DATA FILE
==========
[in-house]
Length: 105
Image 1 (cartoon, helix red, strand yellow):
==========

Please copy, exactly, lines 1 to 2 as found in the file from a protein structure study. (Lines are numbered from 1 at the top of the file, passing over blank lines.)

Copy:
[in-house]
Length: 105